All in the Family Businesses
Categories: ManagementBy Henry Hutcheson | February 15, 2018 << Back to Articles
Accessible by: anyone
Family businesses form the backbone of the economy in the United States and virtually every country of the world. It is estimated that more than 70 percent of all businesses are family owned and operated. Moreover, family businesses historically have accounted for the largest portion of new jobs created, which is important to note as our country fights to regain its economic health.
There can be no greater joy than working with the people you love the most. In fact, many studies have shown that family businesses generally outperform nonfamily businesses. One might think this is due to more effort being put forth as it is your name on the front door―and they would be correct. And yes, family businesses have a more long-term perspective than quarterly driven, publically held, nonfamily businesses.
But the top factor that enables family businesses to rise to the top is the level of trust that can exist. Each member of the family knows every other member is doing their best to move the company forward―no double-checking is required.
Indeed, noted investor and Berkshire Hathaway, Inc. CEO Warren Buffet declared in his 2009 letter to shareholders that family businesses were at the top of his company’s acquisition list because it was always looking for “sellers who truly care about the future of their business.”
Surprising Survival Rate
Unfortunately, there is also another more sobering statistic: more than 66 percent of family businesses do not survive into the next generation. Interestingly, this percentage stays fairly steady from one generation to the next as less than 4 percent make it to the fourth generation. The reasons for failure differ, but the odds stay basically the same—not good.
Given the nature of a family business, it is really not hard to understand why; the purpose of a family is to provide unquestionable love and support, while the purpose of a business is to run as efficiently and effectively as possible in order to make a profit. These two purposes do not necessarily fit together.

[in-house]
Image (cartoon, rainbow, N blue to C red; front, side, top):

The reasons the next generation fails at taking over the family’s business are numerous. The list of potential pitfalls is seemingly endless with issues including business myopia, inter- and intra-generational conflict, liquidity demands from inactive shareholders, and a lack of preparation.
One of the hidden, dirty little secrets about family businesses is that they can have a higher proportion of individuals with alcohol and chemical dependency and mental disorder. That’s not because the business drives them to it, but because a family business has the motivation and ability to ignore and cover up these situations.
Secrets to Success
There are certainly no quick fixes, as every family business is different. Nonetheless, allow me to highlight some key points in successfully managing a family business:
- Try to establish common goals. Pulling in opposite directions will cause conflict in the family and not just stagnation in the business, but potential disaster. Aiming for the similar goals makes success easier with everyone rowing in the same direction. If common goals can’t be constructed, then perhaps a discussion should be had about someone leaving the business.
- Understand that a family business is a system. More specifically, it’s a system among A) family members, B) those who work in the business, C) those who are owners, and D) all of the intersections between A, B and C. As a system, any change in one area can impact completely different areas.